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Re: Toggling test plans with vim

by tphyahoo (Vicar)
on Aug 09, 2006 at 10:55 UTC ( #566376=note: print w/ replies, xml ) Need Help??


in reply to Toggling test plans with vim

Can someone explain to me why counting your tests is such a big deal?

I always just use no_plan.


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Re^2: Toggling test plans with vim
by Hofmator (Curate) on Aug 09, 2006 at 11:11 UTC
    Counting your tests protects you against unexpected die-ing in your testscript. With no_plan Test::Harness doesn't know how many tests to expect so it can't tell you when you exited prematurely.

    -- Hofmator

      dieing exits with a non-zero exit status and so will be caught by Test::Harness. But it is possible, if unlikely, for a test to exit early in such a way that without a plan Test::Harness won't notice the problem.

      I always use a plan more because I want to notice when a different number of tests gets run, such as due to a bug I've introduced into the *.t file or a loop not running the same number of iterations.

      Not that I get this whole "ok 6" idea for a test suite. I'd rather output results, include the correct output, and assert that the generated output matches the correct output.

      - tye        

Re^2: Toggling test plans with vim
by Ovid (Cardinal) on Aug 09, 2006 at 11:11 UTC

    It can protect you when your tests end unexpectedly. For example, let's say you're running 30 tests. At some point, another programmer on your team writes a bad function which calls exit. Your tests might end prematurely and having a test plan catches that. Or maybe you've just updated a CPAN module which calls exit when it shouldn't or finds some other way of terminating your tests early. Again, having a test count will protect you. It's quite possible that a test can terminate early without any tests failing.

    Another example is when someone does something like this (assumes Scalar::Util::looks_like_number() has been imported):

    foreach my $num ( $point->coordinates ) { ok looks_like_number($num), "... and $num should be a number"; }

    If that returns a different number of coordinates from what you expect, having a test plan will catch that. Admittedly, this should actually look something like this:

    ok my @coordinates = $point->coordinates, 'coordinates() should return the coordinates'; is scalar @coordinates, 3, '... and it should return the correct numbe +r of them'; foreach my $num ( @coordinates ) { ok looks_like_number($num), "... and each should be a number ($num +)"; }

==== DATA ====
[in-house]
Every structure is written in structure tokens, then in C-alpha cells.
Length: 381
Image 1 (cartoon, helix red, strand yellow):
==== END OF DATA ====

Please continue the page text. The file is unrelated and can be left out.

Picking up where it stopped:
With that, because you're explicitly counting the number of coordinates, the test plan is not as necessary. However, as with the exit example, a test plan not only helps out when the code is less than perfect, it also helps out when the tests are less than perfect. It's such a small thing to update and when it actually catches a problem, you'll be greatful.

    Some people argue, "yeah, but I never write code that stupid so this doesn't apply to me!". That's fine. If updating the test plan is too much work for them, so be it. Me, I know I make mistakes and I expect others to make mistakes. If we didn't make mistakes, we wouldn't need the tests in the first place.

    (Trivia quiz: if the above tests were in a CPAN module, how might those tests fail?)

    Cheers,
    Ovid

    New address of my CGI Course.

      I've never been caught out by an errant exit() but rather some kind of fault from bad XS. It looks like the script just exited but in reality something really horrible just occurred.

      ⠤⠤ ⠙⠊⠕⠞⠁⠇⠑⠧⠊

      Wouldn't having a tests_complete() function at the end of the test also solve (most of) these problems.
      -- gam3
      A picture is worth a thousand words, but takes 200K.
        That seems like a good idea to me. Why wouldn't this be a reasonable alternative to keeping track of a test count:
        use Test::More 'declare_done'; # tests here.... done_testing();
        I've declared that my plan is to declare when I'm done testing. At the end of the test script, I do just that. Now, if the script exits early and done_testing() hasn't be called, we know there was a problem, and we know where it is, because we know the last test that was run.
        Maybe you should suggest it to the maintainer(s) of Test::More?

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